English weaknesses? Vunipola would be a loss to any team in the world and his deputy, Nathan Hughes, will miss most of the Six Nations, leaving the team looking a bit stretched in the back-row. Ireland might be slightly stronger in the scrum. But when Jones did a GAA manager in reverse by insisting England deserve to be favourites, he was right.
Scotland's 53-24 hammering of Australia was perhaps the most impressive performance of the winter internationals, confirming the evidence of last year's Six Nations that they're the coming team. Their home tie against England on February 24 offers genuine possibilities of an upset and could be the game of the tournament.
What makes the Scots so dangerous, as Ireland found out last year, is a spirit of adventure which can make them resemble some free-flowing French team of old. Not long ago Stuart Hogg seemed a one-man band but now Scotland are bristling with attacking talent. Outhalf Finn Russell and centre Huw Jones exploded on to the scene last year, Sean Maitland and Tommy Seymour are deadly opportunists, while new scumhalf Ali Price could be one of the championship's surprise packages.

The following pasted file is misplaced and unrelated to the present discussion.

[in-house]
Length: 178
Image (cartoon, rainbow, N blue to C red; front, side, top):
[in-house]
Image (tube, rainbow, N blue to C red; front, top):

But can they compete with Ireland and England up front? Redoubtable second-row Jonny Gray aside, their pack lacks top-class performers and the way in which Glasgow, who provide almost half of the Scottish squad, were pushed around in the Champions Cup must strike an ominous note for Gregor Townsend. All the same, Scotland will probably be the most enjoyable team to watch and their match next Saturday against Wales should tell a great deal about both countries.
Wales seem to be heading in the opposite direction to Scotland. Last year's fifth spot was their worst placing in 10 years and though victory against South Africa saw them finish the autumn internationals on a winning note, the impression of decline remained.
However, they did have go through last season's championship without Warren Gatland, who is bullish about their prospects in this one. As the Lions tour proved, Gatland should never be underestimated, yet it's very hard to see his side winning at Twickenham or the Aviva. They will be without the injured Sam Warburton and Jonathan Davies while Rhys Webb's move to Toulon has seen him passed over at scrumhalf.
There is a shop-worn look to Wales, with even the mighty Alun Wyn Jones looking underpowered during the Lions tour. It will be interesting to see how uncapped flanker James Davies, magnificent for the Scarlets in the Champions Cup, goes and Wales's chances may depend on injecting new blood into the team. The Scarlets pair of out-half Rhys Patchell and wing Steffon Evans, for example, have the potential to make a huge impact.